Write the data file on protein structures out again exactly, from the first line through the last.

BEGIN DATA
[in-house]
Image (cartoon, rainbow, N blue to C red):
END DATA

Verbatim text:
[in-house]
Image (cartoon, rainbow, N blue to C red):